A fatal disease that killed over 24,000 pigs in China last year was caused by a virus that originated in bats, a study published online this week in Nature suggests. The study underscores the value of proactively monitoring viral infections in bats and, more generally, wildlife to veterinary health, public health and global economies.
Four farms in China’s Guandong Province were affected by the disease, which causes Swine Acute Diarrhoea Syndrome (SADS), resulting in diarrhoea, vomiting and death in infected piglets. Zheng-Li Shi and colleagues have pinpointed the cause, a newly discovered coronavirus called SADS-CoV, whose genome is 98% identical to that of a coronavirus that was isolated from horseshoe bats in 2016 in a cave close to the pig farm where the outbreak originated.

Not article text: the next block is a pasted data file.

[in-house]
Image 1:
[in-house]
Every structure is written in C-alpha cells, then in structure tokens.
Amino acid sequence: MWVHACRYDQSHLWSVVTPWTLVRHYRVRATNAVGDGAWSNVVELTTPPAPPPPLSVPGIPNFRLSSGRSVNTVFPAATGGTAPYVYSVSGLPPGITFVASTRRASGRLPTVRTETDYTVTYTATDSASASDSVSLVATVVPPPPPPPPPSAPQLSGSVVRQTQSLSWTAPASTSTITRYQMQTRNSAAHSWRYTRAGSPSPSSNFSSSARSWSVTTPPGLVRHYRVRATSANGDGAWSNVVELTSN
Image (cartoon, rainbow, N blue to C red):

Bats are an important reservoir for emerging viruses. Horseshoe bats were the reservoir for the SARS coronavirus that killed more than 700 people around 15 years ago. The recent swine disease outbreaks occurred relatively close to where the first case of SARS is thought to have occurred. This highlights the unique nature of southern China as a hotspot for novel emerging diseases. With the outbreak ongoing, the study highlights just how important it is to understand the diversity of viruses that are harboured by bats and other wildlife.
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